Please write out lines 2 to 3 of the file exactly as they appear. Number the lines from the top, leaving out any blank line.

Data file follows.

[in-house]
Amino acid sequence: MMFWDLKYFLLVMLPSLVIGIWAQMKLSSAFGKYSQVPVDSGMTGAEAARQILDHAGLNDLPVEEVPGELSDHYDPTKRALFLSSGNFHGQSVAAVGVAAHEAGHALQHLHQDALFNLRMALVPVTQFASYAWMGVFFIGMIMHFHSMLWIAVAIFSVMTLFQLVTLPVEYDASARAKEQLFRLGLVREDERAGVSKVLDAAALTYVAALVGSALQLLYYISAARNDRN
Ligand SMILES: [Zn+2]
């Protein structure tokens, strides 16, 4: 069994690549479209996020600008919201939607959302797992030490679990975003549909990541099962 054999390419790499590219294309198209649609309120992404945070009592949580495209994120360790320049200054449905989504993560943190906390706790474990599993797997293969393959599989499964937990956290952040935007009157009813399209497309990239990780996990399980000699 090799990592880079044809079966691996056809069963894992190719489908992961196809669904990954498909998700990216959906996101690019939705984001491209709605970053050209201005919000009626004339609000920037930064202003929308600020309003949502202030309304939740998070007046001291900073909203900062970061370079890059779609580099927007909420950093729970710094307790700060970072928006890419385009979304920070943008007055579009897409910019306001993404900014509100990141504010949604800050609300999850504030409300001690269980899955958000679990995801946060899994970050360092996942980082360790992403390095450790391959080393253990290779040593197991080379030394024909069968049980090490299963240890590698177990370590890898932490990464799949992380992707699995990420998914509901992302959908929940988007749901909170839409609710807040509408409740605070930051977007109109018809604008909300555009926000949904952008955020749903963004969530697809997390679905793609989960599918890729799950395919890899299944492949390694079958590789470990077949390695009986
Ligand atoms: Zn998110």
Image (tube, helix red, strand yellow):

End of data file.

Amino acid sequence: MMFWDLKYFLLVMLPSLVIGIWAQMKLSSAFGKYSQVPVDSGMTGAEAARQILDHAGLNDLPVEEVPGELSDHYDPTKRALFLSSGNFHGQSVAAVGVAAHEAGHALQHLHQDALFNLRMALVPVTQFASYAWMGVFFIGMIMHFHSMLWIAVAIFSVMTLFQLVTLPVEYDASARAKEQLFRLGLVREDERAGVSKVLDAAALTYVAALVGSALQLLYYISAARNDRN
Ligand SMILES: [Zn+2]